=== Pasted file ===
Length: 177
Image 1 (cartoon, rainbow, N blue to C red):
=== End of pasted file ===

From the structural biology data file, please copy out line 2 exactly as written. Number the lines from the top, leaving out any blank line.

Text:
Image 1 (cartoon, rainbow, N blue to C red):